After somewhere around 4 hours in the car, we reached Jökulsárlón, a glacier lagoon, which was amazing.  It's this huge lake, somewhere around 25 square kilometres where chunks break off of Breiðamerkurjökull, an outlet glacier of Vatnajökull (Iceland's largest glacier and the largest ice cap not on one of the poles.) They move through through the lagoon down to the ocean.  Sadly, the lagoon is growing rather rapidly as the glacier recedes at a rate of nearly 500m per year. But it is really beautiful with all the icebergs floating around in this lake and hanging out. It can take them up to 5 years to make their way from the glacier to the ocean so there's not a whole lot of action going on.  But we did get to see one break up and shift around before the pieces settled again, though, one drifted out to the ocean. We also took some time to wander on the beach, where icebergs are hanging out on the shore, walking amongst them. It is one of the most unique things I've ever seen. Also, it turns out that at least part of Die Another Day takes places there so now I'm interested in seeing my first Bond movie.  

From there, it was over to Skaftafell for a bit of a hike. The day was starting to wind down and the weather wasn't looking awesome so we opted for a 3.7km walk to Skaftafellsjökull, another part of Vatnajökull. This part of the glacier is really dirty from volcanic ash and it just felt so desolate. We also got caught in a downpour in which there was either really painful rain or hail hitting us. It was a good thing it was our last stop for the day because we were so soaked, we couldn't have the heat on in the car because the water just accumulated on the windows and we couldn't see where we were going. Luckily, we found our hotel and got into some warm, dry clothes and then had a glass of wine to make sure everything was okay. 

The next morning, it was off for more beaches and waterfalls. Which makes it sound like a beautiful day but it was really cold and windy. We started at Reynisfjara, which is one of the top 10 non-tropical beaches in the world. The waves were massive, crashing onto the black pebble beach and it felt so gloomy and moody with the dark sky and all the wind. I can't decide if I would rather have seen it on a calm, sunny day because it really was spectacular as we saw it.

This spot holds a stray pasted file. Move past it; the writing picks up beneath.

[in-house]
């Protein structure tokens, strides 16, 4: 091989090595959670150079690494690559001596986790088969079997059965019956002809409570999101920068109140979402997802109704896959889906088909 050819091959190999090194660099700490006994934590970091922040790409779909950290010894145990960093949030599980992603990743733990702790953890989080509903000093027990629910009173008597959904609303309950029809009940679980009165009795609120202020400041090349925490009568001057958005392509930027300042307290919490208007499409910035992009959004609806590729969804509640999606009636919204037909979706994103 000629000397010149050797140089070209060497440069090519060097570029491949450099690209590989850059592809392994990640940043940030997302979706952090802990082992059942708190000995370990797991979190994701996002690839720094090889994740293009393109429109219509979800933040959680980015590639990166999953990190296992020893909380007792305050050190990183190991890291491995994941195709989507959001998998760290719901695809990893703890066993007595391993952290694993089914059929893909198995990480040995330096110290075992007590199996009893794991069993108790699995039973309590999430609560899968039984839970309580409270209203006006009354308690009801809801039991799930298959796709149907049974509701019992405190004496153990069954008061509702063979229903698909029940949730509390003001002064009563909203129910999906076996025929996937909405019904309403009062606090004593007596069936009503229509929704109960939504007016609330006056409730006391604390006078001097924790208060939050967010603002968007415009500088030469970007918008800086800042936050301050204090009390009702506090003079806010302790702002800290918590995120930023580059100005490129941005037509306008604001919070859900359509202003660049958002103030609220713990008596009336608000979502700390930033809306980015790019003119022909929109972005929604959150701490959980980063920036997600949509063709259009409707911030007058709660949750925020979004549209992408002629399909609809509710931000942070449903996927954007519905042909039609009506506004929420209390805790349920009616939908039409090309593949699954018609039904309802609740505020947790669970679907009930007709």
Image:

From there, we headed on to Skógafoss, a rather high waterfall, whose spray stopped us from getting too close to the foot of the falls, though some brave souls went very close.  There was also a set of stairs that you could climb up to the top of the falls so we took all 450-ish steps to the top and wandered along the river for a short distance until we came to another smaller set of falls that I thought were more beautiful but were definitely smaller.  Then it was off to Seljalandsfoss, another falls that had a path that went in behind it.  Again, the wind was in full force so the spray was going everywhere. But the view from behind the falls was beautiful. We also took the time to wander over to Gljúfrabúi, which is this little waterfall that tumbles into a hidden canyon that you can make your way into. And OMG, it was amazing. This may have actually been my favourite few moments of the trip, which is too bad because with all the spray, it was impossible to get a photo that does it justice. 

From there, we made our way to our last stop for the day, Raufarhólshellir. It's a lava tube that's about 1.3km long. I don't know how far we made it it - we had to turn back because it was getting too steep for me to climb. But what we did see was really cool. The entry is fairly big with a lot of light and it's fairly easy to navigate. There's a "skylight" not too far in, letting lots of light in. And then you start going deeper in and it gets dark very quick. It was really rocky, which wasn't what I expected. I was surprised at how varied the rocks were in colour and how different the walls of the tube could be from one spot to the next. We had headlamps, which was good because I don't know how you'd hold a flashlight and clamour over some of the rocks. 

From there, it was on to our last hotel of the night to get a good night's sleep before heading out to the Golden Circle on our last day in Iceland. The Golden Circle is what most people do if they only do a two or three days in the country. It consists of Gullfoss, Geysir, and Þingvellir.